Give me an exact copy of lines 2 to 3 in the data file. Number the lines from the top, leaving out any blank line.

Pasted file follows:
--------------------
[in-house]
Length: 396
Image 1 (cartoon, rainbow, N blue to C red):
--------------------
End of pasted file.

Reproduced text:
Length: 396
Image 1 (cartoon, rainbow, N blue to C red):